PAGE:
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Promotion, precautions, and checklist for a Personal Protective Equipment (PPE) program

Updated: Feb 7, 2022

How can I promote the PPE program?

The overall goal of a safer workplace is supported by a careful promotional strategy. This strategy focuses on:

  • commitment by management and workers to the program and a sense of responsibility for it

  • the reasons for the program, and

  • how the program will work.

The success of the PPE program depends upon the cooperation and support of all those concerned. Success is also more likely to be accomplished if it is shown that controls at the source and along the path have been addressed comprehensively and effectively.

Why are there so many precautions about using PPE?

PPE programs are often plagued by the belief that once a piece of equipment is put on, the worker is totally protected. This is a false sense of security. Basic safety principles, such as housekeeping and engineering controls, must not be ignored.

PPE is designed to meet criteria which is only an approximation of real working conditions. PPE should not be used when hazards are greater than those for which that specific piece of equipment is designed. When it comes to the evaluation of potential hazards, uncertainties need to be taken into account. Unfortunately, PPE design criteria cannot cover all eventualities.

Wearing PPE should not in itself create a greater danger. For example, gloves prevent skin damage while working with moving equipment, but can create an entanglement hazard when working with a drill press or metal lathe.

Most regulatory agencies require that PPE not be used unless the employer has taken all the necessary measures in terms of engineering controls, work practices, administrative controls, and hygiene to control the hazard.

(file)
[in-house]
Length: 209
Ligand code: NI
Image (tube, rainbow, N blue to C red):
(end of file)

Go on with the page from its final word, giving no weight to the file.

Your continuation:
Since the goal of an occupational health and safety program is to prevent occupational injury and illness, PPE cannot be the first protection option. The use of PPE does not prevent an incident from happening. It does not eliminate the hazard. It only minimizes the exposure or may reduce the severity of injury or illness. For these reasons, PPE is often described as “the last line of defence”.

What is an example of a PPE program checklist?

The PPE program co-ordinator should consider the following: Design a PPE Program:

  • Make sure the “hierarchy of controls” methods such as elimination, substitution, engineering controls, and administrative controls, are considered first. PPE is the last line of defence.

  • Secure the active participation of all parties.

  • Ensure that a program coordinator has been appointed.

  • Re-evaluate program on an ongoing basis.


If you need Personal protective equipment (PPE) for the health workforce during COVID-19 please visit: MW Medical virtual shop

Source: Canadian Centre for Occupational Health and Safety.

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